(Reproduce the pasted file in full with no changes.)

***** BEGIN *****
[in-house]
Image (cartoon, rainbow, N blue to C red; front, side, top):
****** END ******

[in-house]
Image (cartoon, rainbow, N blue to C red; front, side, top):